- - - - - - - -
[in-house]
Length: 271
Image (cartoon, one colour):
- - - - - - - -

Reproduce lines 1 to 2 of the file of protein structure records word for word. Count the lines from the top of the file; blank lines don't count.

[in-house]
Length: 271